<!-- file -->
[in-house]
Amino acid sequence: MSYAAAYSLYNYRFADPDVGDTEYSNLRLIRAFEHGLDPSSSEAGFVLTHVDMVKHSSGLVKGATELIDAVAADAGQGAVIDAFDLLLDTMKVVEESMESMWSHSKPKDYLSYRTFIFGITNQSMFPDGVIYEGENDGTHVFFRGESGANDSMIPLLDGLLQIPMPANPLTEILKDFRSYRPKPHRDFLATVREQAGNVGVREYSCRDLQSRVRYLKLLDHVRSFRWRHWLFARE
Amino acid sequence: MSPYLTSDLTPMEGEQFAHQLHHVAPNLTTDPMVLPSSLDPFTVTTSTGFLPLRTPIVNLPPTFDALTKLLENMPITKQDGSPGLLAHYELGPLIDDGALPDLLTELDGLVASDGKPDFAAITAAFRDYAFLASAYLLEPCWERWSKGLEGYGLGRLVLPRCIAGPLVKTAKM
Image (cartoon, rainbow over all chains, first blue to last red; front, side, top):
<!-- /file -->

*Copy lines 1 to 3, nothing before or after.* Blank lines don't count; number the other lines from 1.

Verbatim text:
[in-house]
Amino acid sequence: MSYAAAYSLYNYRFADPDVGDTEYSNLRLIRAFEHGLDPSSSEAGFVLTHVDMVKHSSGLVKGATELIDAVAADAGQGAVIDAFDLLLDTMKVVEESMESMWSHSKPKDYLSYRTFIFGITNQSMFPDGVIYEGENDGTHVFFRGESGANDSMIPLLDGLLQIPMPANPLTEILKDFRSYRPKPHRDFLATVREQAGNVGVREYSCRDLQSRVRYLKLLDHVRSFRWRHWLFARE
Amino acid sequence: MSPYLTSDLTPMEGEQFAHQLHHVAPNLTTDPMVLPSSLDPFTVTTSTGFLPLRTPIVNLPPTFDALTKLLENMPITKQDGSPGLLAHYELGPLIDDGALPDLLTELDGLVASDGKPDFAAITAAFRDYAFLASAYLLEPCWERWSKGLEGYGLGRLVLPRCIAGPLVKTAKM